Q: What should we do with a building no longer needed for its original purpose?
A: Find a new purpose for it.
Adaptive reuse – the restoration and/or adaptation of a building for a use different than its original purpose —has caught on in urban areas nationwide, giving new life to buildings that once housed factories, warehouses, train stations, and even corner gas stations.
One of the most popular new uses of large, obsolete structures is to reconfigure them as loft apartments. Loft districts in many American cities’ downtowns are bringing people and vitality back to formerly blighted areas.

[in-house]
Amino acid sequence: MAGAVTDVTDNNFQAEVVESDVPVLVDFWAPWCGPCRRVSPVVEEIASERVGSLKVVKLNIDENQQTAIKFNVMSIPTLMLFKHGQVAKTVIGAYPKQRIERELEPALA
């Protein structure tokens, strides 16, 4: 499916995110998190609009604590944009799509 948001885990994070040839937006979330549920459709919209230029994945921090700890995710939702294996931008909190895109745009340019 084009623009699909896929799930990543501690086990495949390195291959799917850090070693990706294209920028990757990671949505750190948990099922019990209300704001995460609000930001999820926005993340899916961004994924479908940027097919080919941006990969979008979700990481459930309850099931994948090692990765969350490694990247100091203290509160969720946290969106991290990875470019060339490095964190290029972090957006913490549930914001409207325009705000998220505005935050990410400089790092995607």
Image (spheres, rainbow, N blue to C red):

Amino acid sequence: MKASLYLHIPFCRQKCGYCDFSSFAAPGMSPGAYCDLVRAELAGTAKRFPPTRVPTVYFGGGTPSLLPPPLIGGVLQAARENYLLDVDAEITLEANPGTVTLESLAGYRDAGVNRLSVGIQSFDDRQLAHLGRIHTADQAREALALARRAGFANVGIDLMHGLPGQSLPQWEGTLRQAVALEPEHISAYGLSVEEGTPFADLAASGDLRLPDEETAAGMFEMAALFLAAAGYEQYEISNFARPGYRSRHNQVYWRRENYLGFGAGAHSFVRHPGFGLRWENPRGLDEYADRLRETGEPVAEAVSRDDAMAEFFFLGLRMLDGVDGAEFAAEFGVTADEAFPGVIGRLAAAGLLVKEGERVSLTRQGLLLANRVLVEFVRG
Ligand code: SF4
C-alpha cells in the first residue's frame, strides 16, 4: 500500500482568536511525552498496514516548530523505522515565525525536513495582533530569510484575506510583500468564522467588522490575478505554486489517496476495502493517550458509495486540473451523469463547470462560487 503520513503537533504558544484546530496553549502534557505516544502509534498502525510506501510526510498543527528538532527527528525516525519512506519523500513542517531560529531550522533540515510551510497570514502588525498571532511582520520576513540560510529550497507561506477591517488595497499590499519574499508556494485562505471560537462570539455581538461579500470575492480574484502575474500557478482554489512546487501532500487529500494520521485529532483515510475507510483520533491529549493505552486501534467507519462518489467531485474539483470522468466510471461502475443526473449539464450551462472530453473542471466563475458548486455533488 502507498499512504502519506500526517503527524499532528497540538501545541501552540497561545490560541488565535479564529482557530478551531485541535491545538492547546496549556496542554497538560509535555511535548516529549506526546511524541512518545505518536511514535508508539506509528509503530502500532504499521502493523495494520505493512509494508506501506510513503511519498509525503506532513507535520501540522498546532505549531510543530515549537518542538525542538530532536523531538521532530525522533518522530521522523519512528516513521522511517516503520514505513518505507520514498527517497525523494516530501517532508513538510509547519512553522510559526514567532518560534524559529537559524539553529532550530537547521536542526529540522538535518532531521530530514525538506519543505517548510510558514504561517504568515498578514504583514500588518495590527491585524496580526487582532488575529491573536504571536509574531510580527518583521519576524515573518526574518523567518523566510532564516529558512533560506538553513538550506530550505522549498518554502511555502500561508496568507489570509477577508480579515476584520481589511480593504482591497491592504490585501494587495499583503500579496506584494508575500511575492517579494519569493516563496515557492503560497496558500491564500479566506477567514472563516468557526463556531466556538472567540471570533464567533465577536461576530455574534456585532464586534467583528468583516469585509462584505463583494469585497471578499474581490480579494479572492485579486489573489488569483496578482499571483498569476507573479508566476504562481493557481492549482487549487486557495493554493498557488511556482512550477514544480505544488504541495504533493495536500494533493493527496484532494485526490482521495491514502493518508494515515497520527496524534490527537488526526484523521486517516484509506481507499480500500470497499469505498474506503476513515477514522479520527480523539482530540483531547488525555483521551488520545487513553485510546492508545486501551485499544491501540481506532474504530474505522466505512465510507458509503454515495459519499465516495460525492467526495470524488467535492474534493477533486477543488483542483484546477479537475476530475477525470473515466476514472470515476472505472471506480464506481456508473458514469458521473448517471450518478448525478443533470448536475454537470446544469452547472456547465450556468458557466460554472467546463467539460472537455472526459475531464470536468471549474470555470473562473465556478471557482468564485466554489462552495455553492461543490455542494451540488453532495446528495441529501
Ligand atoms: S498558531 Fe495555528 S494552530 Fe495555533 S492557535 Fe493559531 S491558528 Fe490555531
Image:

Other common re-uses include microbreweries, restaurants, marketplaces, and offices. Some developers are getting even more creative and branching out into unexpected new uses such as public parks, climbing gyms, or even hydroponic farms.
Among those actively promoting adaptive reuse are champions of historic preservation. State and local tax incentives have also encouraged developers to restore historic structures, with the goal of building momentum for urban revitalization and economic development.